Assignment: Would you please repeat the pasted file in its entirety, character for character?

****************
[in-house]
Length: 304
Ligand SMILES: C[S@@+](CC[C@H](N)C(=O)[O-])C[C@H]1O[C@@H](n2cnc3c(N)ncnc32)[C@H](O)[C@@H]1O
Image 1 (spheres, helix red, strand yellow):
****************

[in-house]
Length: 304
Ligand SMILES: C[S@@+](CC[C@H](N)C(=O)[O-])C[C@H]1O[C@@H](n2cnc3c(N)ncnc32)[C@H](O)[C@@H]1O
Image 1 (spheres, helix red, strand yellow):